Young Greek proposes "Eight ways to stop the next european fiscal crisis"...

Article published on May 11, 2011
community published
Article published on May 11, 2011
Young Greek Nikos Georgiopoulos, an economist and a PhD candidate in Financial Studies at the University of Vienna, who has also worked at the International Monetary Fund from July to December 2010 proposes 8 ways to stop/exit the european financial crisis. So, "shoot him back" with your questions... My eight cents on how to avert the next european fiscal crisis. 1.
Let the euro devalue, set up interest rates close to zero and avoid strict inflation targeting in the short run. This way Southern countries have a chance to attract foreign reserves and improve their trade deficits, while inflation will eat out debt.

2.Reduce or eradicate public pension systems. Such systems create strong incentives for countries to save heavily thus creating current account surpluses. In a common monetary union without the risk of appreciation countries pile up current account surpluses at the expense of other countries with the later having no quid pro quo such as a desirable currency. Instead if pensions are left to individuals, they can adjust their spending usually upwards and buy more products from abroad. Let markets do the saving and not the State.

3.Reduce public spending as much as possible. Certain social services can be sold by private providers and not the state. In this way the market sets up the prices and not the state by accumulating debt and effectively subsidizing the old in the detriment of the young or the unborn.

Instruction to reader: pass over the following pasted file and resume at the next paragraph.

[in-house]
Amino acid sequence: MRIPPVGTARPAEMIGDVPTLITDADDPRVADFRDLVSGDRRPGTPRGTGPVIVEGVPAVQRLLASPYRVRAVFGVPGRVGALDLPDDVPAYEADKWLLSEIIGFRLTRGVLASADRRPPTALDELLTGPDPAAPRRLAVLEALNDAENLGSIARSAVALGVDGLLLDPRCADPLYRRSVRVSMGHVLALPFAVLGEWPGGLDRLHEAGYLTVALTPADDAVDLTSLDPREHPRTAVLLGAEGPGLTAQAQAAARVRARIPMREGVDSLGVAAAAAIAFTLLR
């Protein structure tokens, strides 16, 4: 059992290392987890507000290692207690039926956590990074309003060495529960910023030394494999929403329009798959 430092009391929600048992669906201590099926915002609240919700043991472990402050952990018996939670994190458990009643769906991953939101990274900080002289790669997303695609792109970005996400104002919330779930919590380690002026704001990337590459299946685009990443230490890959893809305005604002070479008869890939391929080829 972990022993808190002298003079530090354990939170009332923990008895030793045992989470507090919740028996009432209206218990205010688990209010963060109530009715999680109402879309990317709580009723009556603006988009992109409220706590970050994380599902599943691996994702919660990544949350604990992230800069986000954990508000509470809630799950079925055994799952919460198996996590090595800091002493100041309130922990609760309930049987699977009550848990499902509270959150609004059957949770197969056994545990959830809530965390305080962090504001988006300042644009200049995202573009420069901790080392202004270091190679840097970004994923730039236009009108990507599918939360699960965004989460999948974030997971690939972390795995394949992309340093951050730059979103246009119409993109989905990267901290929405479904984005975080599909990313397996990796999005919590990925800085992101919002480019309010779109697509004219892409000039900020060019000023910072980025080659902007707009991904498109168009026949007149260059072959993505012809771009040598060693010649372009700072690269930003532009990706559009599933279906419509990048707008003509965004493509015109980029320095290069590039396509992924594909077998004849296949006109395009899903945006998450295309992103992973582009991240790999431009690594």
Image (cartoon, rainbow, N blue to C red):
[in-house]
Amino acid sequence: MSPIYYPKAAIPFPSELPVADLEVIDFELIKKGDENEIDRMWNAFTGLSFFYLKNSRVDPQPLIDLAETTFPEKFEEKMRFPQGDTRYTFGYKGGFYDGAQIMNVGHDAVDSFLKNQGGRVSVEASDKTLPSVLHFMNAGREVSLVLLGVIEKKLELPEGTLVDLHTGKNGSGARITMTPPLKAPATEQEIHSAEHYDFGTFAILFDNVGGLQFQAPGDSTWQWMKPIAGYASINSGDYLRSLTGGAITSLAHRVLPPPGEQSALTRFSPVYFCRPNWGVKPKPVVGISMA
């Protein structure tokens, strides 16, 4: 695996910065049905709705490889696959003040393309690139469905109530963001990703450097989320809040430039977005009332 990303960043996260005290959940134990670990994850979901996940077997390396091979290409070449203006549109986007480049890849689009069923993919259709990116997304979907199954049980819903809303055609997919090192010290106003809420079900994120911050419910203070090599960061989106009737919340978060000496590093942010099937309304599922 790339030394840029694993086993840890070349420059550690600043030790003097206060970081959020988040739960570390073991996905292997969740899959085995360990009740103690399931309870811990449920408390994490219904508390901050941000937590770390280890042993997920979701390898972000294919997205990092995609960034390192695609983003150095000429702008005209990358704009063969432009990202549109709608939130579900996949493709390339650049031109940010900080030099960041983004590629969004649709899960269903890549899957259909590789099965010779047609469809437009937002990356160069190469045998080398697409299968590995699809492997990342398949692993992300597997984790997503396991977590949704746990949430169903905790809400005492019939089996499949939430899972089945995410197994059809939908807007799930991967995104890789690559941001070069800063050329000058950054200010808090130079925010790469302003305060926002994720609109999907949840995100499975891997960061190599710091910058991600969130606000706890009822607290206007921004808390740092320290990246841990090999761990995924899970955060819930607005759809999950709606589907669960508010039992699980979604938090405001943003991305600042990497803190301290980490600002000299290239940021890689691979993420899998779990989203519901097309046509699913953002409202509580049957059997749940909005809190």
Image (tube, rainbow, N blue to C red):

4.Make English the common European language and allow in this way free labor mobility. Countries with financial difficulties will find it easier to export labor and decrease the social costs of unemployment. Allow countries to compete in taxes and regulation and let markets decide the optimal allocation of resources. Less developed countries only with lax regulation and taxation can compete with advanced industrialized nations.

5. The above means the curtail of the power of eurobureauocracy. Enough with regulations, taxation and waste of resource. If Europe believes that countries should have a chance to compete in a fair way, then regulation and taxation ought to be the consideration of each respective country. Countries have a duty against their citizens not against bureaucrats.

6.Set up a permanent solvency and liquidity mechanism either through a non politicized agency or by outsourcing the operation to the IMF. To avoid moral hazard countries that will be subject to this new agency financing will be under conservatorship. Effectively they will submit their fiscal policy to external administrators as long as it needs to restore fiscal sustainability. If the issue is a short term liquidity crisis, countries will be assisted with a low interest rate loan.

7.Develop an attitude in favor of the young and productive. Stop pondering about pensions and healthcare. Instead focus on education, innovation and talent. Europeans spend quite a deal on their aging population by trying to sustain systems designed against the interests of the young and the productive. Old and unproductive require excess savings for their retirement while the young need investment to build for the future. Excess savings create instabilities while investment creates jobs, build know-how and innovation.

8.Broaden the mandate of the ECB to include not only stability of prices but also growth and employment. Allow the ECB to function not as a price police but also as a growth stimulant with active monetary policy.

Moral of the story. More markets, less state, more active ECB.